Nanjing has been ranked seventh in the evaluation of "Cities with Strongest Comprehensive Strength" issued by the National Statistics Bureau, second in the evaluation of cities with most sustainable development potential in the Yangtze River Delta. It has been awarded the title of 2008 Habitat Scroll of Honor of China, Special UN Habitat Scroll of Honor Award and National Civilized City. Nanjing boasts many high-quality universities and research institutes, with the number of universities listed in 100 National Key Universities ranking third, including Nanjing University which has a long history and is among the world top 10 universities ranked by Nature Index; the ratio of college students to total population ranks No.1 among large cities nationwide. Nanjing is one of the top three Chinese scientific research centers, according to the Nature Index strong in the chemical sciences. Nanjing, one of the nation's most important cities for over a thousand years, is recognized as one of the Four Great Ancient Capitals of China.
It has been one of the world's largest cities, enjoying peace and prosperity despite wars and disasters. Nanjing served as the capital of Eastern Wu, one of the three major states in the Three Kingdoms period; the city served as the seat of the rebel Taiping Heavenly Kingdom and the Japanese puppet regime of Wang Jingwei during the Second Sino-Japanese War. It suffered severe atrocities including the Nanjing Massacre. Nanjing has served as the capital city of Jiangsu province since the establishment of the People's Republic of China, it boasts many important heritage sites, including the Presidential Palace and Sun Yat-sen Mausoleum. Nanjing is famous for human historical landscapes and waters such as Fuzimiao, Ming Palace, Chaotian Palace, Porcelain Tower, Drum Tower, Stone City, City Wall, Qinhuai River, Xuanwu Lake and Purple Mountain. Key cultural facilities include Nanjing Museum and Nanjing Art Museum; the city has a number of other names, some historical names are now used as names of districts of the city.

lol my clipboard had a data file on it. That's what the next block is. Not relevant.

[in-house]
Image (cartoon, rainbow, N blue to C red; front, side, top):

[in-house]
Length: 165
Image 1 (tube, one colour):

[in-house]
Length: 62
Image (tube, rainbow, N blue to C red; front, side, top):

When it was the capital of a state, for instance during the ROC, Jing was adopted as the abbreviation of Nanjing. The city first became a Chinese national capital as early as the Jin dynasty; the name Nanjing, which means "Southern Capital", was designated for the city during the Ming dynasty, about six hundred years later. Nanjing is known as Jinling or Ginling and the old name has been used since the Warring States period in the Zhou dynasty. Archaeological discovery shows. Zun, a kind of wine vessel, was found to exist in Beiyinyangying culture of Nanjing in about 5000 years ago. In the late period of Shang dynasty, Taibo of Zhou came to Jiangnan and established Wu state, the first stop is in Nanjing area according to some historians based on discoveries in Taowu and Hushu culture. According to a legend quoted by an artist in Ming dynasty, Chen Yi, King of the State of Wu, founded a fort named Yecheng in today's Nanjing area in 495 BC. In 473 BC, the State of Yue conquered Wu and constructed the fort of Yuecheng on the outskirts of the present-day Zhonghua Gate.